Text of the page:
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Applied Acoustics Systems (applied-acoustics.com) is renowned for the quality and realism of its physical-modeled virtual instruments. With Strum Acoustic GS-1 (Mac/Win, $229), the company has outdone itself by modeling not only the sound but also the voicings and playing techniques of acoustic guitar. You choose a guitar model or create your own using global and individual string parameters, and then play chords on your MIDI keyboard controller. Strum chooses guitar-chord voicings based on settings you make, then either strums automatically or lets you trigger individual strings and strum styles by playing MIDI notes.


Groovebox Corp.'s Designing Electronic Drums

The latest in Groovebox Corp.'s (grooveboxmusic.com) series of Power PAK tutorials is devoted to creating electronic drum sounds in Ableton Live 7. Designing Electronic Drums (Mac/Win; boxed, $39.99; online viewing, $14.99) consists of 15 tutorials, running more than 3 hours, by Craig McCullough. The tutorials cover all aspects of creating and processing individual drum sounds from samples and waveforms, and then combining them in complete kits using Live's Drum Racks.

St. Martin's The Indie Band Survival Guide

The Indie Band Survival Guide: The Complete Manual for the Do-It-Yourself Musician ($14.95), by Randy Chertkow and Jason Feehan, reveals how to successfully get your music out to the public based on the authors' experience with their band Beatnik Turtle. Topics include selling your music online; getting airplay on radio, TV, movies, and Podcasts; press relations; and Web-site design. You'll also find tips on how to protect your music and how to make money without being a jerk. Check out St. Martin's Press (indiebandsurvivalguide.com) for details.

HowAudio's Cubase 4: Essential Training

Cubase 4: Essential Training ($34.95) is an 8-hour tutorial hosted by independent Steinberg product specialist Matthew Loel T. Hepworth. The DVD's QuickStart Overview gets beginners up to speed with Cubase fundamentals. Other sections for veterans and beginners alike cover external hardware, surround sound, VST3 instruments and effects plug-ins, the Universal Sound Manager, and scoring. As an alternative to the DVD, HowAudio (howaudio.com) offers subscriptions ($19 monthly, $199 annually) for 24/7 online access to the more than 1,100 video tutorials in the company's catalog.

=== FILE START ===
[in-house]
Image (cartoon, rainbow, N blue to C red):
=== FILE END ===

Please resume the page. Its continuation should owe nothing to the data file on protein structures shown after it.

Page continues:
Sound Advice

Impact Soundworks' Impact: Steel

Impact: Steel (Mac/Win, $79) is the first product from Impact Soundworks (impactsoundworks.com), a collaboration between sound designers Andrew Aversa and Wilbert Roget II. Produced by Roget, this sound library for Native Instruments Kontakt, Steinberg HALion 3, and Tascam GigaStudio 3 features multisampled recordings of five metal objects: steel frame, metal cylinders (two sizes), metal spring, and metal cone. Articulations include hits, scrapes, rolls, and other textures. They are provided as separate instruments but are mapped so as to all be playable from a single keyboard. You also get 16 highly processed, pitch-mapped FX Patches.

Heavyocity's Evolve

Evolve (Mac/Win, $399 [MSRP]) from Heavyocity Media (heavyocity.com) is a collection of Native Instruments Kontakt Player 2 presets designed primarily for TV and video-game production. Noted producers Dave Fraser and Neil Goldberg (NFL, GE, Sony, and others) organized the collection for quick production. Categories include Rhythmic Suites (tuned and untuned percussion loops and arps), Percussive Kits (standard and found sounds), Stings and Transitions (sweeps, builds, and mangled instruments), and Tonality and FX (bass, melody, and pads). Mix and match instruments yourself, or start with one of 25 8-channel Multis designed for maximum compatibility.

Sonivox's Anatomy

If your percussion tracks lack that human feel, Anatomy (Mac/Win, $199) from Sonivox might be just the thing for you. This collection of roughly 800 presets for Native Instruments Kontakt 2 and 3 is produced entirely from melodic and percussive sounds created using parts of the human anatomy. The library is divided into two categories: Man (little processing beyond filter and reverb) and Machine (severely dealt with). Both categories contain drum kits, Foley and special effects, leads and basses, and pads. You'll find MP3 audio examples and Kontakt 2 demo instruments at sonivoxmi.com.